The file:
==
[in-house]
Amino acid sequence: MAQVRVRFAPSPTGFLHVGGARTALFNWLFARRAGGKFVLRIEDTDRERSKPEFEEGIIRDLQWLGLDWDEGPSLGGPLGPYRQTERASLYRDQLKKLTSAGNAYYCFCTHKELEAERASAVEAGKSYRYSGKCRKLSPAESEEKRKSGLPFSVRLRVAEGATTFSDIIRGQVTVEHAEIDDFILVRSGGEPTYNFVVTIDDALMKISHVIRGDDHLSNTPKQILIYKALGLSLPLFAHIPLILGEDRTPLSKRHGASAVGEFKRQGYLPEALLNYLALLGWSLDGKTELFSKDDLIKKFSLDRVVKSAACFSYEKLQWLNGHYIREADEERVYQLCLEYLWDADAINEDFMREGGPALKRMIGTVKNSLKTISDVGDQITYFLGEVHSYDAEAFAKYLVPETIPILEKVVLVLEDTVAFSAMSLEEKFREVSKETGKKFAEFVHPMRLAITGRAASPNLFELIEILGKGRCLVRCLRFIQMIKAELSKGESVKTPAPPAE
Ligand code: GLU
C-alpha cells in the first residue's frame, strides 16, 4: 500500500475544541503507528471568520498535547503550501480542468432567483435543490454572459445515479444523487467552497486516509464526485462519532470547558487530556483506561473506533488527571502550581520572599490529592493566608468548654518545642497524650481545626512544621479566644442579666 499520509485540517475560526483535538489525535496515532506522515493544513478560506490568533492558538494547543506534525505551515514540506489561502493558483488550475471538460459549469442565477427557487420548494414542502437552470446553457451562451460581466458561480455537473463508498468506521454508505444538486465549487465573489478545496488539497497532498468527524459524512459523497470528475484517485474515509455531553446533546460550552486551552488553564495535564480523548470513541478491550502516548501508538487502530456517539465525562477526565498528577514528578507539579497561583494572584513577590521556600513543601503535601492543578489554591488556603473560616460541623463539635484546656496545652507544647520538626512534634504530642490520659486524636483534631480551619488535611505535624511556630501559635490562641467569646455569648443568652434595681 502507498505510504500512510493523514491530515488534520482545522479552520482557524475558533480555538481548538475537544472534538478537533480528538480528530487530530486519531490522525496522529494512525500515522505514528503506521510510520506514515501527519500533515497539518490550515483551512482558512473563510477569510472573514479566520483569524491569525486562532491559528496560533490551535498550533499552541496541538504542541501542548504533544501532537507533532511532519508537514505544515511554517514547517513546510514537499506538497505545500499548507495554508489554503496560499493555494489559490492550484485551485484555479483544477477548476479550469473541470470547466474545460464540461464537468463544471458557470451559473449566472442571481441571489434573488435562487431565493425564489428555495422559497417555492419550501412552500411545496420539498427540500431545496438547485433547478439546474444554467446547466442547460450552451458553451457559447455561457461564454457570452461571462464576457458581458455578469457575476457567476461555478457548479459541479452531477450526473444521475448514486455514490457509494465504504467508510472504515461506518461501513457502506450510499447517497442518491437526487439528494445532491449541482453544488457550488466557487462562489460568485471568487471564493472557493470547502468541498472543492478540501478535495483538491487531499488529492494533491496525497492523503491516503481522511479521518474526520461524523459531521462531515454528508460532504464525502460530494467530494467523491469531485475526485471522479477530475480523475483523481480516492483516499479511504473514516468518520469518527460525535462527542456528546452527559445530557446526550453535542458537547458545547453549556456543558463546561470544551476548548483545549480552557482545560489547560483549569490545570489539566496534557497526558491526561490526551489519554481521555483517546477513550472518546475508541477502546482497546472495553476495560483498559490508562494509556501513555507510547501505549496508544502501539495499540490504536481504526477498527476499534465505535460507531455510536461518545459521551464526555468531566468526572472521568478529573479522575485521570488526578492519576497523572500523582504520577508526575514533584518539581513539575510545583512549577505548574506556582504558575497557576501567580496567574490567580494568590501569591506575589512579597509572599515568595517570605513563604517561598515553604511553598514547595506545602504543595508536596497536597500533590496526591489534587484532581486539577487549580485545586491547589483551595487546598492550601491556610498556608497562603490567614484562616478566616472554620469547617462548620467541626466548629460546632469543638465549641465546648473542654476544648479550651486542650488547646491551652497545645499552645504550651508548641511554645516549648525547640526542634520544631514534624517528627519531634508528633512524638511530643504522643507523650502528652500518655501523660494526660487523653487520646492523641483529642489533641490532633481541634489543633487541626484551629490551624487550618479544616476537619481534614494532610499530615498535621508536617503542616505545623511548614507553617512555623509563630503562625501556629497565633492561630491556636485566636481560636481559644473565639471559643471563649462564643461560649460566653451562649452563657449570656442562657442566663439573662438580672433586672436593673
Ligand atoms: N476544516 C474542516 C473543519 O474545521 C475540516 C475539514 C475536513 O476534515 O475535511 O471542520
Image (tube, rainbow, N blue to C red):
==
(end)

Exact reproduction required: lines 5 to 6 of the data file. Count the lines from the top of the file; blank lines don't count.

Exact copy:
Ligand atoms: N476544516 C474542516 C473543519 O474545521 C475540516 C475539514 C475536513 O476534515 O475535511 O471542520
Image (tube, rainbow, N blue to C red):